Till now, HP has held a huge advantage over it’s printer rivals when it comes to printing from the iPad — because even though rivals have made strides with their own apps (like Epson’s slick iPrint app) HP’s printers remain the only ones with AirPrint, which is tied directly to iOS and allows printing from within apps, without having to use an intermediary app (eg iPrint).
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Having the Maps app on the iPhone is a lifesaver for me. Not only does it help me navigate my way around places I don’t know, but it’ll also tell me how to get there when I leave the house.
However, trying to read directions from an iPhone while driving isn’t ideal, and it’s certainly not safe. Fortunately, iOS 5 allows you to print your directions from directly within the Maps app as long as you have a printer compatible with AirPrint. Here’s how!
There will soon be a day when a driver is not required for printing. Wireless printing has become more of a household standard as new printers roll out with cloud technology, and Apple is looking to make the printing experience as painless and seamless as possible.
Two interesting patents applications were recently filed by Apple that detail printing protocols and APIs that don’t require drivers, with more of a focus also being placed on printing from the cloud.
So you’re a cutting edge, Post-PC consumer. You’ve bought into the Cloud, have all the latest apps on your iPad, and you work on the go. Just tweet this, email that, and print out an electronic boarding pass before you head to the airport.
Not so fast on that last step. There’s a tantalizing Print button in many iOS apps these days, but very few printers are usable without some extra work first. Unlike printing on the Mac or PC, AirPrint (the iOS-based printing system) is still not yet a fully realized solution. Fortunately, workarounds are available.
Definitely a major bag of goodies announced by Apple at WWDC today, but one item many expected further info on was not discussed: the ability to finally print from an iPad or iPhone using AirPrint and your existing printer shared by your Mac. A bit surprising that this important feature is still missing in action.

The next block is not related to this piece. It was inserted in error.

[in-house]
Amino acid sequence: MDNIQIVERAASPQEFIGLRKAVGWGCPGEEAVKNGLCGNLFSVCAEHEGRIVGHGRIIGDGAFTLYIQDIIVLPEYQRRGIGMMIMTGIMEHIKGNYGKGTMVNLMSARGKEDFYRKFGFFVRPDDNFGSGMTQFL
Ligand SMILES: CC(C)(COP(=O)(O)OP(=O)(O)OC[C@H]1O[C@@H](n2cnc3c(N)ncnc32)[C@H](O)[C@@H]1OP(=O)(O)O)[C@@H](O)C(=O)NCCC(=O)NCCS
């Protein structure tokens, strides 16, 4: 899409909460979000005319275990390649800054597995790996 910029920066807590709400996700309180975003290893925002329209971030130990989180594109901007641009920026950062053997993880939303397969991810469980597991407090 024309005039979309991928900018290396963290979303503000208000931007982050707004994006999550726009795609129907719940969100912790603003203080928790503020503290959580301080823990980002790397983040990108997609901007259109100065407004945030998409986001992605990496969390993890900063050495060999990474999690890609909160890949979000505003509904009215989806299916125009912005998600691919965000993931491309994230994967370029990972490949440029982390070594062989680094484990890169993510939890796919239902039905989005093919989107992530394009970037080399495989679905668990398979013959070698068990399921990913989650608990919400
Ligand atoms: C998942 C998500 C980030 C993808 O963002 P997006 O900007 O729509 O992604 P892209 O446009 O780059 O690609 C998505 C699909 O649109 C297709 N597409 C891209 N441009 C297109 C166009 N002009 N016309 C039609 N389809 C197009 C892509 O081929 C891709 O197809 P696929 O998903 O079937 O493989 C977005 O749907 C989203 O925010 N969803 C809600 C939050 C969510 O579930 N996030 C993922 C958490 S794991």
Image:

2010 was a huge year for Apple news. As we close out the year, we look back at some of the year’s biggest stories and what they might mean for 2011.
iOS 4.2.1 was just released, but already the rumor mill is churning about iOS 4.3… and it looks like it might arrive before the end of the year, much earlier than anyone had previously thought.
According to sources, Apple plans on releasing iOS 4.3 on Monday, December 13th… just three weeks after the debut of iOS 4.2.1.
One of the most frustrating aspects of iOS 4.2 and OS X 10.6.5 is how Apple’s new wireless printing standard, AirPrint, was gimped at the last minute from running on pretty much every shared network printer connected to a Mac to only officially supported on 11 AirPrint-compatible printers.
One iPad owner named Stan was so frustrated, in fact, that he wrote to Steve Jobs. “You got me all hyped about AirPrint. Now with iOS 4.2 released, I find out that I can only print on 11 select printers. Seriously?!”
Seriously, replies Steve, before reassuring Stan that the move to driverless, wireless printing is a vast undertaking, and that iOS 4.2’s AirPrint support is only the first step.
Last week’s great disappointment was the discovery that Apple had mostly pulled AirPrint support from OS X 10.6.5, which would allow you to print documents directly from iOS to almost any shared network printer. Native AirPrint support was trimmed only to a small number of AirPrint-compatible HP printers, and while hacks exist to get AirPrint support back via the command line, they’re a little beyond the capability of most users.
Enter FingerPrint, a new application from Collobos Software that enables AirPrint printing over Bonjour for many of the omitted printers. It accomplishes its neat trick by fooling Bonjour into broadcasting your normal printer in such a way that iOS 4.2 can see it.
Right now, if you have Mac OS X 10.6.5 and an iPad running iOS 4.2 GM, AirPrint’s a bit of a mess: some people are reporting that it is working, but many are not having any luck.
We suspected that it was just this sort of compatibility problems that caused Apple to scale AirPrint support back to AirPrint-compatible printers at the last minute, but developer Steven Troughton-Smith has some instructions on how to bring it to your Mac under OS X 10.6.5 and iOS 4.2 GM.